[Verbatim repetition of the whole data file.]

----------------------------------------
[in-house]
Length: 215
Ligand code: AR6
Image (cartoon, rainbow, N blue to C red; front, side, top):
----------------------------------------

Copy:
[in-house]
Length: 215
Ligand code: AR6
Image (cartoon, rainbow, N blue to C red; front, side, top):